Business Description: The business description focuses on the current and future state of the industry, especially in regard to the opportunities for a business.
Business Model: A startup company’s business model concentrates on key issues of customer discovery (who will buy?), customer validation (is your product what they want?) and generating revenue.
Business Plan: A written description of a business’s future, a strategic document that describes what the business plans to do and how it plans to do it.
Competitive Analysis: The purpose of the competitive analysis is to determine the strengths and weaknesses of the competitors within the market space of a startup.
Conflict of Interest: Refer to the information at http://research.ku.edu/conflict_of_interest.
Consideration: Exchange of value in a legal contract. In the context of a technology license, this value often takes the form of the grant of license transferred from the Licensor, and money, e.g. fees and royalties transferred from the Licensee.
Design and Development Plan: The purpose of the design and development plan section is to provide the reader with a description of the products design, chart its development within the context of production, marketing and sales. All regulatory steps should be clearly defined, as well as the strategies to achieve key milestones.
Diligence: Efforts towards development of a product or service.
Executive Summary: Sets forth high-level information about the business, the problem(s) to be solved, the magnitude of the market and how the business intends on generating sales.
Field of Use: Field of use could be unrestricted, or could be limited to human or veterinary
Financial Plan: A critical component of a business plan illustrating projected company growth, financial management and resource allocation.
Financing: The seeking of funds to support a startup company. Financing generally takes different forms depending on the stage of the company, from personal capital or loans, to government grants, angel investor and venture capital funding, and public share offerings.
Indemnification: To protect someone by promising to pay for the cost of future damage, loss or injury.
Intellectual Property (IP): A work or invention that is the result of creativity, such as a manuscript or a design to which one has rights and may apply for a patent, copyright, trademark, etc.
Invention Disclosure Form: A form which innovators can disclose potentially patentable technologies to the KUIC office.
License: A permission to use, generally used to refer to an agreement between a licensor and licensee to grant permission to use a technology.
Licensing Associate: Evaluate technologies that are disclosed to KUIC and then develop a licensing strategy for the particular technology. Each associate is responsible for a portfolio of dockets from “cradle to grave.” The associates each have an area of technical expertise.
Licensor: The individual or entity granting a license.
License Scope: The extent of the rights granted in a license. For example, license scope could include the geographic region in which a license is granted and whether the license is to use a product or also to make that product.
Market Analysis: Comprised of a definition of the target market(s), a clear profile of potential customers and how the company can be positioned to enter the market.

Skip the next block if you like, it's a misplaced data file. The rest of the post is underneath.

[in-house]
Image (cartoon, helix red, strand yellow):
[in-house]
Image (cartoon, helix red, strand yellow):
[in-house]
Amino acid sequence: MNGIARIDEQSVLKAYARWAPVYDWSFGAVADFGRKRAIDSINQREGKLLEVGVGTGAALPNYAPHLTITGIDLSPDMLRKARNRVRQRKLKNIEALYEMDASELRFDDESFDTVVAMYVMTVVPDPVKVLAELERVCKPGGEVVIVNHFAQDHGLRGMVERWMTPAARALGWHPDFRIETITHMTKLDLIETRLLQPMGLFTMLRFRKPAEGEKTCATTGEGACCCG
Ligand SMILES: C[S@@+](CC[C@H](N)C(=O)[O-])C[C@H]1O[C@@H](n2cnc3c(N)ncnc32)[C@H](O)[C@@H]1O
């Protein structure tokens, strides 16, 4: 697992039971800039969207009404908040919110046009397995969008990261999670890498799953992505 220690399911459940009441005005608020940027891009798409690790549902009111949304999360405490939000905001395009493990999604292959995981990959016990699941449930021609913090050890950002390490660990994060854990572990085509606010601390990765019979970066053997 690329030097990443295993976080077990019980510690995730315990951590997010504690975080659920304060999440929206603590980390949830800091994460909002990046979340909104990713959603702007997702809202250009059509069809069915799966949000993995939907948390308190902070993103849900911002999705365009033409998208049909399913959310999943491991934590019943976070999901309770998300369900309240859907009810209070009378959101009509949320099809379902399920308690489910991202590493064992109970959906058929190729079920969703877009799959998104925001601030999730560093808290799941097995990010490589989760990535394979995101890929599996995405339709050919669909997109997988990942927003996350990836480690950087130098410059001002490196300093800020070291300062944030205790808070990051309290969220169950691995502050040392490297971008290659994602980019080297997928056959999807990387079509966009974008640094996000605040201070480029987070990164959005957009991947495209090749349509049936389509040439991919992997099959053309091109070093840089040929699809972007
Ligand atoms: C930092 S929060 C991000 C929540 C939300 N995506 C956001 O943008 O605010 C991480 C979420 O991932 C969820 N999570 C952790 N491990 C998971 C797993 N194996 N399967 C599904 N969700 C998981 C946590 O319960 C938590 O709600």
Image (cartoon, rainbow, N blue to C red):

Operations and Management Plan: Describes how a business will function on a continuing basis and highlights the logistics of the organization such as the various responsibilities of the management team.
Outside Activity: Any work, advice or service for an entity other than KU that may potentially result in a Conflict of Interest. Below are examples.
- Participation in any business enterprise as owner, partner, officer, supervisor, manager, or in any capacity with management responsibilities.
- Consulting (as defined in Policy)
- Conducting external research that would not ordinarily be conducted as part of the employee’s duties with the university.
- Service on an advisory council or scientific advisory board of a company or organization other than a state or federal agency.
- For faculty and exempt employees, any other employment with or service to an outside entity where compensation in the form of money, services, goods or other consideration of value is received.
PCT Application: An international patent application filed under the Patent Cooperation Treaty that can be used to file nationalized applications after 30 to 31 months in various countries and territories.
Provisional Application: A confidential, time limited patent application that is unexamined, must first meet sufficient written description under patent law.
SBIR: The Small Business Innovation Research (SBIR) program is a United States Government program, coordinated by the Small Business Administration, in which 2.5 percent of the total extramural research budgets of all federal agencies with such budgets in excess of $100 million are reserved for contracts or grants to small businesses.
STTR: The Small Business Technology Transfer (STTR) program uses a similar approach to the SBIR program to expand public/private sector partnerships between small businesses and nonprofit U.S. research institutions and is currently funded at 0.3 percent of the relevant agencies’ extramural research budgets.
Stopgap Provisional Application: A provisional patent application filed prior to completion of a technology assessment.
Sublicense: A license between a Licensee and a third party, granting that third party the use of some or all of the Licensee’s rights under the initial license.
U.S. Non-Provisional Application: A U.S. patent application that is examined by the U.S. Patent and Trademark Office.
Warranty: A written statement promising the good condition of a product and its suitability for a particular purpose.